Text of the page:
Induction of an illusory shadow person

  title={Induction of an illusory shadow person},
  author={Shahar Arzy and Margitta Seeck and Stephanie Ortigue and Laurent Spinelli and Olaf Blanke},
Stimulation of a site on the brain's left hemisphere prompts the creepy feeling that somebody is close by.The strange sensation that somebody is nearby when no one is actually present has been described by psychiatric and neurological patients, as well as by healthy subjects, but it is not understood how the illusion is triggered by the brain. Here we describe the repeated induction of this sensation in a patient who was undergoing presurgical evaluation for epilepsy treatment, as a result of… 
Case report: A prototypical spontaneous ‘sensed presence’ of a sentient being and concomitant electroencephalographic activity in the clinical laboratory
This case illustrates that many sensed presences might be similar to ‘epileptic auras’ for patients who also display elevated complex partial epileptic-like experiences following closed head injuries and that close attention to typically ignored electroencephalographic ‘transients’ may be helpful indicators.
Neurological and Robot-Controlled Induction of an Apparition
Brain mechanisms involved in processing unreal perceptions
Electrical Stimulation of the Human Brain: Perceptual and Behavioral Phenomena Reported in the Old and New Literature
This comprehensive review contains a detailed summary of the data obtained from electrical brain stimulation in humans in the last 100 years, suggesting that the modulation of activity within a localized, but distributed, neuroanatomical network might explain the perceptual and behavioral phenomena that are reported during focal electrical stimulation of the human brain.
Clinical neuroimaging in epileptic patients with autoscopic hallucinations and out-of-body experiences
Summary Autoscopic phenomena are complex illusory perceptions of one's body during which human subjects experience a second own body or double in their environment. Autoscopic phenomena most commonly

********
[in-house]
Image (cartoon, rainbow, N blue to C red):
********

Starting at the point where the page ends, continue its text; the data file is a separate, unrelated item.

Illusory shadow person causing paradoxical gaze deviations during temporal lobe seizures
Paradigms in paradoxical non-versive gaze deviations in temporal lobe seizures may be due to illusory experiences masked by postictal amnesia.
Bodily self-consciousness and its disorders.
Feeling in control of your footsteps: Conscious gait monitoring and the auditory consequences of footsteps
It is shown that the control of full-body locomotion and the building of a conscious experience of it are at least partially distinct brain processes.


Out-of-body experience and autoscopy of neurological origin.
It is argued that both disintegrations (personal; personal-extrapersonal) are necessary for the occurrence of OBE and AS, and that they are due to a paroxysmal cerebral dysfunction of the TPJ in a state of partially and briefly impaired consciousness.
Neural correlates of action attribution in schizophrenia
Hearing of a Presence
A patient with epilepsy suffering from the paroxysmal unilateral experience of hearing a person in her near extrapersonal space is described and it is suggested that the parxysmal hearing of a person nearby corresponds to an auditory disorder of somatognosia.
Simple and complex vestibular responses induced by electrical cortical stimulation of the parietal cortex in humans
A patient undergoing invasive monitoring for intractable epilepsy who experienced different vestibular sensations after electrical cortical stimulation of the inferior parietal lobule at the anterior part of the intraparietal sulcus is reported on.
Effect of subjective perspective taking during simulation of action: a PET investigation of agency
It is suggested that the right inferior parietal, precuneus and somatosensory cortex are specifically involved in distinguishing self-produced actions from those generated by others.
Abnormalities in the awareness of action
Anwesenheit: Psychopathology and Clinical Associations
Summary A feeling of ‘presence’ is a common but relatively neglected phenomenon. The psychopathology, definition and six clinical associations are discussed. Two case histories are presented to
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